proximal. l. the end of a bone nearest the midline of the body when the individual assumes a normal standing posture. 2. the end of an artifact nearest the user or observer. 3. the end of a lithic artifact which was originally a part of the striking platform of the core.
pseudo-scallop shell. a pottery decoration made by pressing the edge of a notched stick, bone or stone into the wet clay before the pot is fired. The impression resembles the edge of a scallop shell.
punch. an intermediary flaking tool one end of which is placed on the core while a sharp blow is applied to the other. This not only allows the flint knapper to apply force with pinpoint accuracy, but also permits fine control of the angle from which the force originates.
punctate. a decoration on pottery produced by pressing the end of a stick or similar object into the wet clay before the vessel is fired. The raised or mounded feature formed on the opposite side of the vessel wall is a boss.
push-pull. see dragged stamp.
quarry. an archaeological site from which copper, stone or clay were acquired by either surface collection or mining.
quartz. a very hard (7 on the Moh Scale), common mineral composed of silicon dioxide in a hexagonal crystalline form. Present in most rocks (particularly granite and sandstone), this colourless, glasslike stone exhibits conchoidal fracturing properties thus lending itself to flaking. vein quartz. quartz which occurs naturally as a vein with a matrix of some other mineral.
quartzite. a mineral formed from sandstones which have been subjected to considerable heat and pressure. This metamorphic rock may be coarse- or fine-grained, depending on the nature of the parent material and may be virtually any colour.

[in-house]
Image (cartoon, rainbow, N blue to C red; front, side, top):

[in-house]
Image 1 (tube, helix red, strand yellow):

Quaternary. the most recent of the geological eras or periods which incorporates both the Pleistocene and Holocene (Recent) Epochs.
quern. a stone used for grinding corn or grain.
quiver. a container for arrows or darts.
Raddatz./a an archaeological site in central Wisconsin which has given its name to an Archaic side-notched projectile point style. The Raddatz Side-notched type ranges in length from 38 to 64 mm and characteristically bears U-shaped side-notches close to the base which are set at right angles to the long axis of the blade (sense 2). The lateral edges of the bases are squared-off while the bases themselves are usually straight and bear evidence of grinding. Only a small minority are either slightly concave or convex. The blade (sense 3) edges were originally nearly parallel to one another although they may converge more rapidly to the tip as a result of the reworking of broken specimens. In many respects, Raddatz points are similar to Osceola although the latter tend to be larger and more finely made. The type site was multi-component, but the Raddatz points occurred in Levels 5 through l2. These levels also contained stemmed projectile points, symmetrical biface knives, scrapers, a drill, a grinding stone, hammerstones, bone awls, a chisel fashioned from a beaver tooth, turtle shell bowl fragments, shell spoon fragments, antler flaking tools, an antler anvil and a barbed antler projectile point. Radiocarbon dates from the type site indicated that this assemblage dated between approximately 4500 and l800 B.C. In Manitoba, projectile points similar to those termed Raddatz have been found in the southeastern part of the province.
radiocarbon dating. the absolute dating technique which more than any other revolutionized archaeology. Cosmic radiation from the sun constantly bombards the earth's upper atmosphere producing a radioactive form (isotope) of carbon (C-l4) from non-radioactive nitrogen (N-l4). C-l4 mixes with the earth's atmosphere and oceans and behaves in precisely the same manner as does the non-radioactive (stable) form C-l2. Because all living organisms absorb carbon through water or by breathing, the ratio of C-l4 to C-l2 within them is the same as that in the atmosphere, and this ratio has remained more-or-less constant over time. When an organism dies, however, it ceases to be part of the carbon cycle and thus no new C-l4 is absorbed. Like all radioactive substances, C-l4 is unstable, which is to say that over time it will break down (or decay) into a more stable form -- in this case C-l2. The rate of this decay is known and is also constant. Consequently, by measuring the ratio of C-l4 to C-l2 in a piece of wood, bone or other organic matter from an archaeological site, one can determine the length of time since the sample last absorbed new C-l4. Recently, dendrochronology has been used to check the accuracy of radiocarbon dating, with actual material from the tree rings being used as samples.